1. Making the most of in-house creativity
Chrono Bomb’ is a home-grown success that sold more than 700,000 copies worldwide in 2015 and topped the sales charts in France. A huge hit, it is the culmination of many long hours of work that began in TF1’s creativity room. There, half a dozen people from TF1 Games-Dujardin shut themselves away for an afternoon every two weeks to review trends, the internet buzz and marketing studies.
They pull out all the stops to find the right, 100% in-house idea. But they never lose sight of the most important thing: the kids who play the game must be at the heart of the action and the heroes of their own adventures.
As nothing is left to chance, each member of the team has had training in child development, which is very useful when you need to know what pleases children of 4, 7 or 10 or what makes them laugh. A number of concepts emerge from these brainstorming sessions. Time does its work: some ideas are dropped, others taken up again. Once a concept has been finalised, trials are carried out in-house and between adults. Rules that can be understood in 15 seconds – the length of a TV advert –, innovative and stand-out packaging and a reasonable price (not more than €30) are all essential in order to gain a foothold in the market.
2. Bespoke manufacturing
To help bring the project to fruition, the production aspect is factored into the creative process very early on. From the outset, the aim is to frame the idea in such a way that a manufacturer can interpret the concept. Changes may have to be made as the project progresses, taking into account the requirements of feasibility, cost, scheduling and very strict European standards. Much more than a mere contractor, the manufacturer must be capable of creating the project in 3D.
Although a few products, like the cards for Mille Bornes, are made at Nancy in eastern France or assembled at Terrasson-Lavilledieu in south-west France by two partner firms of TF1 Games-Dujardin, most are produced in China, where long-standing design and manufacturing skills are plentiful. After all, Hong Kong was known as “Toy Town” in the 1970s, long before French manufacturers joined the exodus to Asia.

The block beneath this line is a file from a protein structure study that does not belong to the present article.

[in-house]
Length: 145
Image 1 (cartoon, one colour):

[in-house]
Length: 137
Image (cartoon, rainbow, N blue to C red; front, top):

3. Targeting international markets
It takes between 18 and 24 months to get from the germ of an idea to the release of a new game. It’s a real obstacle course where nothing can be taken for granted. If a new game concept fl ops at a trade fair, everything comes to a halt. On average, only one out of twenty or so prototypes will ever make it to market.
Chrono Bomb’ was out of stock well before Christmas, the most crucial time of year. Its unveiling in February 2015 at the Nuremberg Toy Fair in Germany, the industry’s biggest international trade show, caused a major stir. In 2015, the game was sold in over thirty countries, including on the notoriously tough American market.
Its amazing expansion is continuing in 2016, with a highly promising newcomer hard on its heels. Trésor Detector, a new take on the traditional treasure hunt concept and another in-house creation, has already sold 110,000 copies. Two major hits in rapid succession have boosted sales at TF1 Games-Dujardin by 20%. In 2015, the TF1 group subsidiary became the third largest board games vendor in France, behind the American firm Hasbro and the French firm Asmodee.
Not bad for the 30-strong team, which is hoping that Power Quest, the new release for Christmas 2016, will follow in its predecessors’ footsteps.